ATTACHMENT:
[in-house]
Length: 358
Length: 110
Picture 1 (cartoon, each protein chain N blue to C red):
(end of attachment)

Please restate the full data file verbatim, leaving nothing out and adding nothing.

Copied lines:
[in-house]
Length: 358
Length: 110
Picture 1 (cartoon, each protein chain N blue to C red):